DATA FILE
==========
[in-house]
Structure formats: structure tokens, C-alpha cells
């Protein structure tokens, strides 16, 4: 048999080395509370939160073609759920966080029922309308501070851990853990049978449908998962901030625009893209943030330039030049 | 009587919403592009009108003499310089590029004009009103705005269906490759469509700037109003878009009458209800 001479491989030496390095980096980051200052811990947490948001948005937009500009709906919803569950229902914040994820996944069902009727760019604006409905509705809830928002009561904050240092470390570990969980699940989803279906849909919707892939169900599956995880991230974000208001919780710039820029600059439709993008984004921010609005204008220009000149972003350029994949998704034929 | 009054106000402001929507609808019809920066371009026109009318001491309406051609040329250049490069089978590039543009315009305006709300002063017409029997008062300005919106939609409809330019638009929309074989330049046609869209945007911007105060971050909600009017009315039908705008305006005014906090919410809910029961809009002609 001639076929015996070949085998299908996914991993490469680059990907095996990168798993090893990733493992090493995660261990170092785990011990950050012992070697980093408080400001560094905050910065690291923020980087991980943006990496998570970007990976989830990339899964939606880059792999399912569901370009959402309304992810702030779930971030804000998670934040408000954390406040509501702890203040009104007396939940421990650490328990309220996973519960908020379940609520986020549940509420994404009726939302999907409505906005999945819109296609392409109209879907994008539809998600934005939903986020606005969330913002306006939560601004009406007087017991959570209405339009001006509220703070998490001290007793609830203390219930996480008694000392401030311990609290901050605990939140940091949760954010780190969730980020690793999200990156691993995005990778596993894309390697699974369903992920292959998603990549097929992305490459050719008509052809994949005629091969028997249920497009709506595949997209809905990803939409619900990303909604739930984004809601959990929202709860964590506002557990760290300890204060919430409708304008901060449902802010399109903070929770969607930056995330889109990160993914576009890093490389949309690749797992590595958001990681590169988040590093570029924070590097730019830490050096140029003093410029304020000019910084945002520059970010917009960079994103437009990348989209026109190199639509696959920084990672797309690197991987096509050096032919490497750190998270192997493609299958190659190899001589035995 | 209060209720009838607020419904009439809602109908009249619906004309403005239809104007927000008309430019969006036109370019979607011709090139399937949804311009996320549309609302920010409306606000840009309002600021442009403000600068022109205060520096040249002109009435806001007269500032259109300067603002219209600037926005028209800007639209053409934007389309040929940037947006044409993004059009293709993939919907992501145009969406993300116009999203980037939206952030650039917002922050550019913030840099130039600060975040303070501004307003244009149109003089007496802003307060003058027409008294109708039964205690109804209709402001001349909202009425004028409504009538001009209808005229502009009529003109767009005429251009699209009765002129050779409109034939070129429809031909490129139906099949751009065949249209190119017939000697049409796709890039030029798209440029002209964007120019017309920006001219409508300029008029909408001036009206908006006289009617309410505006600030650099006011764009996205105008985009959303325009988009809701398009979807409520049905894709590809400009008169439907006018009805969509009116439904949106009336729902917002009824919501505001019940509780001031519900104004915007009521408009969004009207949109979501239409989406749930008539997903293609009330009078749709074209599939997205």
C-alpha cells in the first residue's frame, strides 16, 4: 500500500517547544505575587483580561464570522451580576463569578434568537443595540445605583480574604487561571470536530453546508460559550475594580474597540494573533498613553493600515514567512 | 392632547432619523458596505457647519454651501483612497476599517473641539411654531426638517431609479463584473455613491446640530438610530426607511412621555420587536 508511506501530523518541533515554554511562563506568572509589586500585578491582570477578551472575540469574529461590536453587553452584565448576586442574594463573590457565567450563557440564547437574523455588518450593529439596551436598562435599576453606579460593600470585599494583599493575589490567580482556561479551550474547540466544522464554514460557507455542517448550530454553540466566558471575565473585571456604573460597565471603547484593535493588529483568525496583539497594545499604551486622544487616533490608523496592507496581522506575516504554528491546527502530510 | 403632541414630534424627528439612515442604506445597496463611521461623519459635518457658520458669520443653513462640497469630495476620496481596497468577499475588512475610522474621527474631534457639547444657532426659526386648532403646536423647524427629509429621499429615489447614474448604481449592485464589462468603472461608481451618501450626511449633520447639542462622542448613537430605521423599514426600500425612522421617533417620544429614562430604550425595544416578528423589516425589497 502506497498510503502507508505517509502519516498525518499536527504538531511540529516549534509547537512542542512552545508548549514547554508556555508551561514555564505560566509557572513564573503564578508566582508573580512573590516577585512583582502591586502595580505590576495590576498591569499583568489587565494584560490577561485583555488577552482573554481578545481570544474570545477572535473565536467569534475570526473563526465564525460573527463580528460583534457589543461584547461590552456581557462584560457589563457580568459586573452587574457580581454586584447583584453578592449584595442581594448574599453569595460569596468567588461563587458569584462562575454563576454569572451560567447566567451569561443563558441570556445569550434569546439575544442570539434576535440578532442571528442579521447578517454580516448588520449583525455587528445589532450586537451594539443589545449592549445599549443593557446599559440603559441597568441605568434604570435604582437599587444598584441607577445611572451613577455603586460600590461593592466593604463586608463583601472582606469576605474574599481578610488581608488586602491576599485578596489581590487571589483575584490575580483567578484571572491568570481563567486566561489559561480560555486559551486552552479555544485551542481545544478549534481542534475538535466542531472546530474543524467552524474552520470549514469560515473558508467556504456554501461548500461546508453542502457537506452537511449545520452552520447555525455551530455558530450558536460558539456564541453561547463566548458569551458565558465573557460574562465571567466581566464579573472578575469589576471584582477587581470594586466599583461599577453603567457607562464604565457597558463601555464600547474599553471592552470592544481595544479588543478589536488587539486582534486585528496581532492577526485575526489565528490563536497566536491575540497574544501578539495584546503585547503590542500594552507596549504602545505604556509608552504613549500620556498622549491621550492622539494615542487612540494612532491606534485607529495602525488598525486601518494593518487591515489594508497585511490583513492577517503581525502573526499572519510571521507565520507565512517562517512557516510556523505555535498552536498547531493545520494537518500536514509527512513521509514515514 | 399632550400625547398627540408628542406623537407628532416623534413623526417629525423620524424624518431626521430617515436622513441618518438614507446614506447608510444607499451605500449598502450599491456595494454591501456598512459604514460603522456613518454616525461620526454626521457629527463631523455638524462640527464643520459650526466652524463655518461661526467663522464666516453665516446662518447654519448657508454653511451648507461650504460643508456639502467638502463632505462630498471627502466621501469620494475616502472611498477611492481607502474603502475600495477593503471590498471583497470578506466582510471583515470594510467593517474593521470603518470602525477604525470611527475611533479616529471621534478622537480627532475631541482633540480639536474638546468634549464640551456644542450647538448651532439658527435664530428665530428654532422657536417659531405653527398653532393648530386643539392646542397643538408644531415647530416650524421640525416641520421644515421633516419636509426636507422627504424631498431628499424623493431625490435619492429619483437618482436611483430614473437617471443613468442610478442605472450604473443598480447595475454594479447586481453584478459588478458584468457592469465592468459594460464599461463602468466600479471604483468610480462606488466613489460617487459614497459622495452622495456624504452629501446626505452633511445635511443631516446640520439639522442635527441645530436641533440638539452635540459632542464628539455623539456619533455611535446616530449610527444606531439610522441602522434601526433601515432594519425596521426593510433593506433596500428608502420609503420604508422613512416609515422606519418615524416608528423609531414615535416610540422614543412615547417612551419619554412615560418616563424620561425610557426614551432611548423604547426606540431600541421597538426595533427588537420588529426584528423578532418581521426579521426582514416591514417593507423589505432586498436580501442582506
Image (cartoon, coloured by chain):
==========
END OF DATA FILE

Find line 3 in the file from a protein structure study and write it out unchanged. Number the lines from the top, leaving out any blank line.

């Protein structure tokens, strides 16, 4: 048999080395509370939160073609759920966080029922309308501070851990853990049978449908998962901030625009893209943030330039030049 | 009587919403592009009108003499310089590029004009009103705005269906490759469509700037109003878009009458209800 001479491989030496390095980096980051200052811990947490948001948005937009500009709906919803569950229902914040994820996944069902009727760019604006409905509705809830928002009561904050240092470390570990969980699940989803279906849909919707892939169900599956995880991230974000208001919780710039820029600059439709993008984004921010609005204008220009000149972003350029994949998704034929 | 009054106000402001929507609808019809920066371009026109009318001491309406051609040329250049490069089978590039543009315009305006709300002063017409029997008062300005919106939609409809330019638009929309074989330049046609869209945007911007105060971050909600009017009315039908705008305006005014906090919410809910029961809009002609 001639076929015996070949085998299908996914991993490469680059990907095996990168798993090893990733493992090493995660261990170092785990011990950050012992070697980093408080400001560094905050910065690291923020980087991980943006990496998570970007990976989830990339899964939606880059792999399912569901370009959402309304992810702030779930971030804000998670934040408000954390406040509501702890203040009104007396939940421990650490328990309220996973519960908020379940609520986020549940509420994404009726939302999907409505906005999945819109296609392409109209879907994008539809998600934005939903986020606005969330913002306006939560601004009406007087017991959570209405339009001006509220703070998490001290007793609830203390219930996480008694000392401030311990609290901050605990939140940091949760954010780190969730980020690793999200990156691993995005990778596993894309390697699974369903992920292959998603990549097929992305490459050719008509052809994949005629091969028997249920497009709506595949997209809905990803939409619900990303909604739930984004809601959990929202709860964590506002557990760290300890204060919430409708304008901060449902802010399109903070929770969607930056995330889109990160993914576009890093490389949309690749797992590595958001990681590169988040590093570029924070590097730019830490050096140029003093410029304020000019910084945002520059970010917009960079994103437009990348989209026109190199639509696959920084990672797309690197991987096509050096032919490497750190998270192997493609299958190659190899001589035995 | 209060209720009838607020419904009439809602109908009249619906004309403005239809104007927000008309430019969006036109370019979607011709090139399937949804311009996320549309609302920010409306606000840009309002600021442009403000600068022109205060520096040249002109009435806001007269500032259109300067603002219209600037926005028209800007639209053409934007389309040929940037947006044409993004059009293709993939919907992501145009969406993300116009999203980037939206952030650039917002922050550019913030840099130039600060975040303070501004307003244009149109003089007496802003307060003058027409008294109708039964205690109804209709402001001349909202009425004028409504009538001009209808005229502009009529003109767009005429251009699209009765002129050779409109034939070129429809031909490129139906099949751009065949249209190119017939000697049409796709890039030029798209440029002209964007120019017309920006001219409508300029008029909408001036009206908006006289009617309410505006600030650099006011764009996205105008985009959303325009988009809701398009979807409520049905894709590809400009008169439907006018009805969509009116439904949106009336729902917002009824919501505001019940509780001031519900104004915007009521408009969004009207949109979501239409989406749930008539997903293609009330009078749709074209599939997205």